The Alhambra Theatre, the jewel in Bradford\'s crown, was the vision of Francis Laidler, a local impresario and theatre manager who had been running the Prince\'s Theatre in the city centre since 1902. Laidler had the idea and vision to build a brand new theatre in 1912 and it was two years later that his dream was realised.
The Alhambra Theatre was officially opened at 2pm on 18 March 1914. Five days later, it opened its doors to the general public on 23 March for a Variety show, which ran for a week. The show included various acts and also a Revue called A Year in the Hour - a totally new type of show for Bradford. Performers included principal boy performer, Alice Wyatt who opened the show with the National Anthem, Yeadon-born comic Sydney Howard, Mamie Watson, Leslie Barker, Nellie Wallace and the Benedetti Brothers (acrobats).
The theatre prospered throughout the 20\'s which was known as The Golden Age of Variety. \'Throughout the thriving years of variety there was hardly a star or a star-in-the-making who did not appear on its stage\'* including the greats such as George Formby, Florence Desmond, George Lashwood and Randolph Sutton who wowed Bradford audiences. Variety was a favourite throughout the decades going in to the 1950\'s when the Alhambra played host to American comedy legends, Laurel and Hardy.
It wasn\'t just variety shows at the theatre.
In October 1930 Prima ballerina Anna Pavlova performed The Dying Swan. The theatre has since welcomed The Royal Ballet, Scottish Theatre Ballet and in 1968, the stars of the Russian Bolshi and Kirov Ballets. Today the venue programmes the worlds best dance companies including the critically acclaimed Matthew Bourne\'s New Adventures and Northern Ballet.
The Alhambra Theatre\'s name is synonymous with pantomime. Francis Laidler was known as \'The King of Panto\' and started the charming tradition of using Sunbeams (the juvenile dance troupe) in his pantomimes in 1917 at the Prince\'s Theatre in Bradford. It wasn\'t officially until 1930/31 that the Sunbeams came to the Alhambra, when Laidler switched his pantos to this venue. He even toured his Sunbeam troupes into Theatre Royal Leeds (which he also ran having taken over the lease in 1909). The Sunbeam tradition still flourishes today. Cont\'d overFor half a century, Francis Laidler delivered panto after panto in his Bradford venues, as well as venues in Leeds, Keighley and London. His last Alhambra panto was Red Riding Hood, which opened on 27 December 1954. Sadly, just a few days after its opening, on 6 January 1955, Laidler passed away, just one day before his 88th birthday. In true showbiz style his widow Gwladys Stanley Laidler announced that the show must go on.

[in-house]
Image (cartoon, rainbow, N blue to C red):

In the 1960\'s Bradford Metropolitan City Council took ownership of the Alhambra Theatre. The venue prospered into the early 80\'s with the biggest panto stars of the day, Les Dawson, Little & Large, The Krankies and Russ Abbot; as well as other notable performances including one by Joanna Lumley in Noel Coward\'s Private Lives.
Before the theatre closed for extensive refurbishment in 1984, it was to enter the world of film and the venue was chosen as the setting for the 1983 British film The Dresser, starring Albert Finney and Tom Courtenay.
On Thursday 30 October 1986, the refurbished Alhambra Theatre officially reopened, and Cannon and Ball took centre stage in Babes in the Wood, that year\'s pantomime.
Throughout the 80\'s, 90\'s and 00\'s right up to the present day, the Alhambra Theatre has played host to some of the biggest shows in the world and the best names in entertainment: including An Evening with Tommy Steele in 1986, the world-wide phenomenon Les Miserables in 1998 for 12 weeks, the National Theatre\'s The History Boys in 2006 and Will Young in Cabaret in 2013.
Adam Renton, General Manager Bradford Theatres comments:
\"It\'s an honour for me to be general manager of this prestigious theatre in such a wonderful year. We have two of the biggest touring shows coming to the Alhambra in 2014, with Disney\'s The Lion King and National Theatre\'s War Horse. Everyone at Bradford Theatres is planning a year of celebration to acknowledge this magnificent milestone.\"
Cllr Susan Hinchcliffe, Portfolio Holder Employment, Skills and Culture, Bradford Council adds:
\"The Alhambra has a tremendous history and therefore significance to Bradford people. I\'m looking forward to this year and the blockbuster shows which we have coming. Tickets are selling really fast so there will be literally thousands of people joining in the celebration.\"
Through the golden age of variety, the 1980\'s refurbishment and up to the present day, the Alhambra Theatre has had a wonderful and varied history. It remains an iconic venue, attracting the very best in star names and live entertainment to the city of Bradford. Plans to celebrate all this and more throughout the Alhambra Theatre\'s 100th anniversary year (2014) will be announced in due course. Keep checking the Bradford Theatres website for updates and announcements on forthcoming events and activities: bradford-theatres.co.uk
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